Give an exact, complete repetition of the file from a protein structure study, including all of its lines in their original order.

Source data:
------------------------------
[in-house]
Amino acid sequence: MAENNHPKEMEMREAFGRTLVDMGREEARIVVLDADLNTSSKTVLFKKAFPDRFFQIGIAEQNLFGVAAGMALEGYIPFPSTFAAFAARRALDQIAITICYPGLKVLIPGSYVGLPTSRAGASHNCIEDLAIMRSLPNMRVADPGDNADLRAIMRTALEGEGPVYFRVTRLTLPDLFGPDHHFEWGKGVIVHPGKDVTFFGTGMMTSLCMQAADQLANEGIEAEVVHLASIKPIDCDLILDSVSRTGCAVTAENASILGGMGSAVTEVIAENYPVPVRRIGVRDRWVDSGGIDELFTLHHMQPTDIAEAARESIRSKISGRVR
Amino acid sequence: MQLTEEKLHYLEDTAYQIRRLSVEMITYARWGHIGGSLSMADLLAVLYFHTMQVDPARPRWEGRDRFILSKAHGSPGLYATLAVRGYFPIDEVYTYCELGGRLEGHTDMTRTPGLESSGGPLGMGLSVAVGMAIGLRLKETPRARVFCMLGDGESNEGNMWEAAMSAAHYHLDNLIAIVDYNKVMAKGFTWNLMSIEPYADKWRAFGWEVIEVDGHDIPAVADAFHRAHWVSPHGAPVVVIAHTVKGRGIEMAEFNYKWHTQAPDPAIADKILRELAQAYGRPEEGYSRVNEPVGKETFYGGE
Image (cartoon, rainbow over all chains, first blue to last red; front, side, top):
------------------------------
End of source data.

[in-house]
Amino acid sequence: MAENNHPKEMEMREAFGRTLVDMGREEARIVVLDADLNTSSKTVLFKKAFPDRFFQIGIAEQNLFGVAAGMALEGYIPFPSTFAAFAARRALDQIAITICYPGLKVLIPGSYVGLPTSRAGASHNCIEDLAIMRSLPNMRVADPGDNADLRAIMRTALEGEGPVYFRVTRLTLPDLFGPDHHFEWGKGVIVHPGKDVTFFGTGMMTSLCMQAADQLANEGIEAEVVHLASIKPIDCDLILDSVSRTGCAVTAENASILGGMGSAVTEVIAENYPVPVRRIGVRDRWVDSGGIDELFTLHHMQPTDIAEAARESIRSKISGRVR
Amino acid sequence: MQLTEEKLHYLEDTAYQIRRLSVEMITYARWGHIGGSLSMADLLAVLYFHTMQVDPARPRWEGRDRFILSKAHGSPGLYATLAVRGYFPIDEVYTYCELGGRLEGHTDMTRTPGLESSGGPLGMGLSVAVGMAIGLRLKETPRARVFCMLGDGESNEGNMWEAAMSAAHYHLDNLIAIVDYNKVMAKGFTWNLMSIEPYADKWRAFGWEVIEVDGHDIPAVADAFHRAHWVSPHGAPVVVIAHTVKGRGIEMAEFNYKWHTQAPDPAIADKILRELAQAYGRPEEGYSRVNEPVGKETFYGGE
Image (cartoon, rainbow over all chains, first blue to last red; front, side, top):